We’ve already talked with Dimitrios Karras, owner of Ares Armor, but it’s always good to hear the story straight from the horse’s mouth. In this interview with Reason TV, Dimitrios calmly and clearly discusses exactly what happened with the ATF raid, and exactly how dumb the ATF’s actions were. “To think that this is over a piece of plastic is ludicrous,” Dimitri says, “this was a nice way for them to get their arm inside of our business and grab the information that they’re actually looking for.” There is a new piece of information that we didn’t have before, though, and it makes the ATF look even more like a bunch of jack-booted thugs . . .
“I had literally had a meeting with two of the ATF agents,” Dimitri says, “after we had had the temporary restraining order granted to us. I took them into the building where the polymer lowers were being housed, where we had separated them from the rest of our inventory and we placed them in a separate room under lock and key. I offered to hand the key to this room — the only keys in existence to this room — to the ATF agents that were there so that they would be 100% assured that we did want this handled in the court system and we weren’t trying to pull anything underhanded and weren’t trying to divest ourselves of the product or do anything like that. There was also a camera pointed directly at this door, and I offered the ATF if they’d like to have access so that they can view this camera remotely. They turned me down on that as well.”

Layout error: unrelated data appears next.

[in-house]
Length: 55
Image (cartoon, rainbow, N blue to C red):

It sounds like Dimitri and Ares Armor went above and beyond to try and accommodate the ATF, proving that they weren’t going to dump the lowers and the records while the legality of the lowers were being hammered out in court. Instead, the ATF decided to break down the shop’s doors and take everything by force.
“The only difference in this case is we said ‘no’ and we stood up.” That’s why Dimitri says the ATF is trying their hardest to ruin their business. The ATF could have had the full cooperation of Ares Armor if they had just asked nicely and worked through the court system. But instead they wanted to point loaded firearms at law abiding citizens, using lethal force over a paperwork issue. People could have been killed, and all because of a misunderstanding about a manufacturing process that the ATF could have cleared up with a simple visit to the workshop and reading some records.